What You Need to Know about 2017 HOME Rents

Published by Thomas Stagg on Monday, June 26, 2017 - 12:00am

On June 2, the U.S. Department of Housing and Urban Development (HUD) published fiscal year (FY) 2017 HOME rent limits.  The limits are effective June 15 for all units financed by HOME funds.

Properties constructed with HOME funds are required to charge rents that are affordable to low- and very low-income households. The maximum HOME rent limits are established in Section 215 of the Cranston-Gonzalez National Affordable Housing Act of 1990 (NAHA), as amended. There are two limits used in the HOME program: High HOME and Low HOME. High HOME rents are the lesser of the HUD published fair market rent (FMR) or a rent that does not exceed 30 percent of the adjusted income of a family whose annual income equals 65 percent of the median income for the area as determined by HUD, adjusted for bedroom size. The Low HOME rent limit for an area is 30 percent of the annual income of a family whose income equals 50 percent of the area median income, adjusted for bedroom size. In addition, the Low HOME rent limit cannot exceed the High HOME rent limit.

In 2010, when HUD discontinued holding income limits harmless, there was concern that HOME income limits would decrease with changes in the income limits.  In the May 17, 2010 Federal Register, HUD stated that: “(f)or its HOME program … HUD determined that rents will be held harmless, but that income limits will be allowed to fluctuate with the market.” From 2010 to 2013 HUD held rents harmless in all circumstances.  However, on May 2, 2013 HUD issued a memorandum on the 2013 HOME program rent limits and changes in how HUD calculates the HOME program rent limits.  The memo clarified that the intent was to only hold rent limits that were based on income limits harmless and allow rent limits that were based on FMR to fluctuate with changes in FMR.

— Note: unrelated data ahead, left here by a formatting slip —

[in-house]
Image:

This change in policy had a correction period that spanned three years (2013, 2014 and 2015) while rents in areas that had decreases under the new policy were reset to the new hold harmless benchmark.  After this correction period HOME rent limits will only decrease for changes in FMR and not for changes in income limits.  For more information about the implementation of the hold harmless policy, see “New HOME Program Rent Limits For 2013,” in the July 2013 Novogradac Journal of Tax Credits.

Analysis of FY 2017 HOME Rents
Although HOME rent limits are held harmless for changes in income limits, there were still many areas that had decrease in their 2017 rent limits due to decreases in FMR. 


Blog Chart Changes in FY 2017 HOME Rents
Click to Enlarge


HOME rents generally trended up for FY 2017, however, there were still many areas that had decreases.  Astute observers will quickly notice that there are a lot more areas with decrease on the high HOME limits than the Low HOME limits.  This is due to the impact of FMR on limits.  Because HOME rent limits only decrease due to changes in FMR generally low HOME rents should not have decreases.  However, because the Low HOME limits cannot exceed high HOME limits if the FMR decreases below the Low HOME limits, Low HOME limits will also decrease.  There are 757 areas in 2017 where the low HOME and High HOME equal each other. In 109 of these areas FMR decreased from 2016 to 2017 causing the Low HOME rents to decrease. 

FMR has a much larger impact on the High HOME rent limits.  Of 2,599 areas, 2,436 areas have High HOME rents that are equal to the FMR at the two-bedroom level (93 percent of areas).  This means that High HOME limits are very susceptible to changes in FMR.  This is what led to 573 areas having decreases in High HOME limits.

Impact to LIHTC Properties
Many LIHTC properties use HOME funds as a gap funding source.  Although a property’s LIHTC rents are held harmless, properties are not held harmless for decreases in HOME rents.  For units that are restricted by both HOME and LIHTC an owner would need to use the lesser of the two rents.   Decreasing HOME rents may cause issues for the property being able to pay debt service and operating expenses. 

Owners of HOME funded properties should closely monitor the HOME limits and be aware that they may have to lower rents to tenants due to changes in the limits.  This may impact a property’s ability to pay debt service and cover operating expenses.